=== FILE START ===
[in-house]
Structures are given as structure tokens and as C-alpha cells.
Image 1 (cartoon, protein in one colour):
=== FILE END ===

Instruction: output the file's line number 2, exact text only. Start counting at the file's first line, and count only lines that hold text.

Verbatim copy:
Structures are given as structure tokens and as C-alpha cells.